Saturday, January 14, 2006

Intelligent Design, or "Cargo Cult Science"

Catherine Seipp has a very nice piece in the National Review online discussing, among other things, intelligent design and the late Cal-Tech physicist Richard Feynman.

In addition to touting the achievements (and wit) of Feynman, Seipp puts together an interesting analogy between intelligent design and an anecdote from Feynman's writings about “cargo cult science.”
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The problem with intelligent design, according to Seipp, is its continual failure to recognize that it cannot be validated other than by faith:
None of the “debates” about evolution vs. intelligent design I’ve encountered seem to be aware that a theory by definition cannot be scientific if its proponents will only accept one conclusion or result. Naturally, any human being has hopes and preferences, which is why the double-blind test (in which experimenters as well as subjects don’t know whether they’re getting medicine or a placebo) is the gold standard in drug research, even though of course it’s not always practical.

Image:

But however much researchers might hope they’ve found, for instance, a new cure, they do not set out to prove that a specific one has to work because their religion requires them to have faith in it. Not if they expect to be taken seriously as scientists.

How does this relate to Feynman, or to something as intriguing as South Seas “cargo cult science”? I’ll let Seipp finish with her analogy:
The title comes, as Feynman explains, from primitive people in the South Seas who’d experienced airplanes landing with useful things during World War II and wanted this to happen again. For years afterward, they would station a man in a wooden hut next to an abandoned runway, with wooden pieces on his ears like headphones and bamboo sticking out like an antenna. But even though he looked just like an air-traffic controller, and fires burned as guide lights just like they did before, still no planes came.

It’s not a new point. But as long as intelligent design proponents keep attempting to inject unscientific, religious-based “theories” into public schools (the latest attempt is in California), it’s a point that must continue to be made. And Seipp does an excellent job.

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